Most amazing to me, though, was the fact that we could just walk between the cars that were lined up waiting to go on the track. We could even walk right up to the end of the track, or hang out under the race tower right next to the start line.
It was taking quite awhile for them to get the track back in shape for the next race. They had run a track cleaner down the right side where the Corvette had been. Now they were using torches to burn off any excess oil that might have leaked. There was lots of lost time, but you don’t want to run the risk of a car losing control at those speeds because of an oil slick.
Paul and I made our way back to our friends in the stands as the races were getting back underway. A whole batch of crotch rockets raced by. There was even a Mini Cooper running, but it wasn’t doing well.
The bout that had everyone comment was a challenge between a modern Dodge Charger and a modern Dodge Challenger. The Charger pulled ahead first, but it was the Challenger that won.
By this time it was dark, and I was wonder if I should switch to a prime lens. Also, I needed to change batteries in two of my cameras. Paul and I walked back to the car. When we returned, our comrades had gone. We figured that they had walked around down to the end of the track, so we set off in that direction. We spent a bit of time at the very end of the track watching more motorcycles run.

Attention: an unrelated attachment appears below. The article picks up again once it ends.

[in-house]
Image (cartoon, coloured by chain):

Soon we spotted our friends near some of the cars that were lined up to race.
We took up view spots under the observation booth where we could watch the cars up close. Until this point noise hadn’t been a problem. Now, though, I was glad I had a set of ear plugs. I got some amazing shots from this vantage point.
I had my GoPro with me and had been taking a few wide-angle still shots. Down here I decided to record some video. After all, this was a race.
The evening passed quickly, and as it approached the 10:00 pm closing time the races started winding down. We slowly walked on back to our cars. It had been a great evening.
So, am I now a drag racing fan? I had fun, but I don’t understand all the intricacies that make one a true fan. I like cars, but I’m not a gear head. As a photographer and social anthropologist I found it absolutely fascinating. There was so much to see and hear, and I found myself looking at and listening to people as much as cars. The movement, lights, and colors were overwhelming, and it was just enough of a challenge to make taking photographs fun. Overriding all of this was the fact that it was a beautiful spring evening with the smell of honeysuckle still breaking through the fumes of drag racing.
I took many more photos. Here’s the slideshow while includes all of them: